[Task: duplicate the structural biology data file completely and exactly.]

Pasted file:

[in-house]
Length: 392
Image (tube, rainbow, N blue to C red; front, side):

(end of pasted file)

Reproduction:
[in-house]
Length: 392
Image (tube, rainbow, N blue to C red; front, side):